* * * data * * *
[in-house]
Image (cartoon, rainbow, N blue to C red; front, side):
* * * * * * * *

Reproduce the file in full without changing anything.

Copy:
[in-house]
Image (cartoon, rainbow, N blue to C red; front, side):